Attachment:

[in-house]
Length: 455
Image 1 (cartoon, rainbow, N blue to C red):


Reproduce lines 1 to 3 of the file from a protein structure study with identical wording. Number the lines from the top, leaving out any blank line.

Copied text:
[in-house]
Length: 455
Image 1 (cartoon, rainbow, N blue to C red):